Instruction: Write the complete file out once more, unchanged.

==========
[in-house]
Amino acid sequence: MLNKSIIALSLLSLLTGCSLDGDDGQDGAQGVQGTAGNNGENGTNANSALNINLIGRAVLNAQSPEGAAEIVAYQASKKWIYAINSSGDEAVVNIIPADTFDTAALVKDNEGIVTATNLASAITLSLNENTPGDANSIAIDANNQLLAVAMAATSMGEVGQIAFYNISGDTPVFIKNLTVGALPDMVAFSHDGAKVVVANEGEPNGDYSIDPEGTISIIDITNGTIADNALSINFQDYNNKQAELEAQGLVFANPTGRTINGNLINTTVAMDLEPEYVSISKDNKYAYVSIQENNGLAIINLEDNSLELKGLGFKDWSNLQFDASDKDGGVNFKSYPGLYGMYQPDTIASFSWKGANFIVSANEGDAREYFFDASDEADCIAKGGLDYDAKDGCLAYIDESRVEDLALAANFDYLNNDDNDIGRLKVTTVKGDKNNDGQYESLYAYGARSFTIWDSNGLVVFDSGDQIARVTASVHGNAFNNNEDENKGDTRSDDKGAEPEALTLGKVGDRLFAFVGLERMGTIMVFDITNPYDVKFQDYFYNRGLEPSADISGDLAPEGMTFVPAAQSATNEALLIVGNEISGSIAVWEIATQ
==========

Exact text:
[in-house]
Amino acid sequence: MLNKSIIALSLLSLLTGCSLDGDDGQDGAQGVQGTAGNNGENGTNANSALNINLIGRAVLNAQSPEGAAEIVAYQASKKWIYAINSSGDEAVVNIIPADTFDTAALVKDNEGIVTATNLASAITLSLNENTPGDANSIAIDANNQLLAVAMAATSMGEVGQIAFYNISGDTPVFIKNLTVGALPDMVAFSHDGAKVVVANEGEPNGDYSIDPEGTISIIDITNGTIADNALSINFQDYNNKQAELEAQGLVFANPTGRTINGNLINTTVAMDLEPEYVSISKDNKYAYVSIQENNGLAIINLEDNSLELKGLGFKDWSNLQFDASDKDGGVNFKSYPGLYGMYQPDTIASFSWKGANFIVSANEGDAREYFFDASDEADCIAKGGLDYDAKDGCLAYIDESRVEDLALAANFDYLNNDDNDIGRLKVTTVKGDKNNDGQYESLYAYGARSFTIWDSNGLVVFDSGDQIARVTASVHGNAFNNNEDENKGDTRSDDKGAEPEALTLGKVGDRLFAFVGLERMGTIMVFDITNPYDVKFQDYFYNRGLEPSADISGDLAPEGMTFVPAAQSATNEALLIVGNEISGSIAVWEIATQ